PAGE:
Old windmill near Waspik, the Netherlands, 2010

Old windmill near Waspik, the Netherlands, June 2010

Low skies and cloudy days. The first years of living in Holland, I was always asked where I was from, what I missed most about the U.S., and what was the most difficult about living abroad. My first answer was obviously learning Dutch, but the second answer — what I missed — was the mountains. Holland is extremely flat. I also did not expect to be so affected by how far north in the hemisphere Holland is. Holland is as far north as Alaska’s most southern islands, meaning that you get short days in the winter and long days in the summer (in June the sun sets at 10 PM). Due to the Atlantic Ocean, Holland has a sea climate with rain and low clouds. All together, the winters are usually cloudy, rainy, and have only 7 to 8 hours of light! If we get snow, it usually melts fairly fast. In winters, I yearn for sunshine, although I am grateful that neither summers nor winters in Holland are extremely hot or extremely cold. I tease the Dutch that they only have spring and autumn instead of four seasons.


Sunny view from the bell tower of Oude Kerk, Delft, the Netherlands, 2010

Breaking bread and drinking coffee — together. Another aspect that I had to get used to in Holland was the coffee breaks and the eating of so much bread. The average Dutch individual — blue-collar and white-collar — eat an open slice of bread or sandwich for breakfast, have a 15-minute coffee break coffee sometime between 9 and 10 AM, eat a sandwich for lunch, have 15 minutes for coffee or tea sometime between 3 and 4 PM, eat supper, and have coffee or tea again around 8 PM. In the beginning, I thought that, with so many breaks, I could never get any work done! Now, I have come to love this time. Visitors usually come to visit for coffee or tea instead of a meal; and they usually only accept one or two cookies when sweets are offered. Taking more is considered greedy. The Dutch also have the most delicious (and healthy) bread I have ever tasted, and the aroma of Dutch coffee is phenomenal! I am addicted! Coffee time is also a time to discuss how your day has gone and to plan the next few hours. This must be why Hollanders are known to be good managers!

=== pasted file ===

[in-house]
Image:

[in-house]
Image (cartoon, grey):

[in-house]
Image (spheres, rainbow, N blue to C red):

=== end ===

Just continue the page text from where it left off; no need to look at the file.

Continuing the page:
In addition to bread, the Dutch export excellent cheese. Delft, the Netherlands, 2010

In addition to bread, the Dutch export excellent cheese. Central Market, Delft, the Netherlands, 2010

Windmills and wooden shoes?  I would assume that maybe only 1% of the Dutch still wear wooden shoes on a farm or around the house to keep their feet dry. In contrast, the Dutch are very fashion-minded and follow the latest styles. Amsterdam is getting world-wide recognition for designs and models. Also, while there are still some old wooden windmills existing, many are not in use. Instead, there are a few provinces, especially Flevoland, filled with modern 80-yard-high windmills. This tells you how windy it can get on some days! Don’t try to keep your hair neat!

Not exactly fashion-conscious, supporting the Dutch "football" team in the World Cup. Rotterdam, 2010

Not exactly fashion-conscious, supporting the Dutch “football” team in the World Cup. Rotterdam, 2010

All in all, I have come to love Holland. I would probably have culture shock if I permanently returned to the U.S. after 28 years abroad. In Holland, I don’t have to worry about the violence of guns, and I strongly recommend the Dutch multiple political party system instead of a two-party system that divides the nation. The news in Holland is more international, whereas in the U.S. the media seems to focus just on America’s own problems. There are truly good and bad things in every country, no matter where you live.